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This millennial quit a financial analyst job to become a food warrior with S$30,000

Ex-financial analyst Jennifer Widjaja did not foresee that she would become a food waste warrior midway through her career.
Jennifer Widjaja and university friend Srikanth Katikala invested S$30,000 into the venture. (PHOTO: Just Dabao) (Just Dabao)

By Prince Lee

SINGAPORE — Ex-financial analyst Jennifer Widjaja did not foresee that she would become a food waste warrior midway through her career.

In fact, the co-founder of Just Dabao — a social enterprise founded in 2020 with her university friend Srikanth Katikala that helps reduce food waste by redistributing unsold surplus food by connecting consumers and eateries — was spurred by the struggles food-and-beverage (F&B) businesses were facing during the pandemic, where perfectly edible, unsold food was thrown out daily.

Just in 2021 alone, the total amount of food waste generated was 817,000 tonnes, 23 per cent more than the 665,000 tonnes generated in 2020, according to data from the National Environment Agency.

This, coupled with the consciousness of not wasting food — something ingrained in her by her mother since she was young — motivated her to work towards a simple and scalable solution that turned out to be a win-win partnership for both consumers and businesses.

Maximise profits and societal benefits

Today, Widjaja has inspired a growing eco-conscious community of over 20,000 people to enjoy the process of saving food, and has helped over 450 F&B businesses embark on their green journey. As of August 2022, Just Dabao has saved over 10 tonnes of food.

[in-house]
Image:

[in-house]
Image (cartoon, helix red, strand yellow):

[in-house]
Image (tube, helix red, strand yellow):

“This year we have been consistently growing double-digit month over month. We have also just launched our mobile app, which will contribute to further growth,” Widjaja said, noting that July was one of their best months this year. This could also be an indication that consumers are on the lookout for avenues to beat inflation, and are keen to also become more eco-conscious at the same time.

With the app, consumers will find it easier to discover surplus food, as the app will notify users instantly when there is surplus food —due to varied reasons such as excess in inventory or cancellation of events — near them. Users will then be able to obtain their favourite food at a fraction of the cost, while saving the planet.

Overall, eateries in Singapore throw out 9 million kg of unsold food every year! On a per day basis, this is about 50,000 perfectly edible Nasi Lemak platesJust Dabao

Prior to launching the app, Just Dabao relied solely on its website. In a similar fashion, consumers browse the site, make a purchase at one Just Dabao’s partner stores, and pick up a “Shiok Bag”, a surprise bag of food items.

“This way, business gain back their sunk cost, and consumers get delicious food at a great price. With a 4.5-star average rating from 2,000+ reviews, I can say that Singapore loves pleasant surprises,” the 30-year-old said.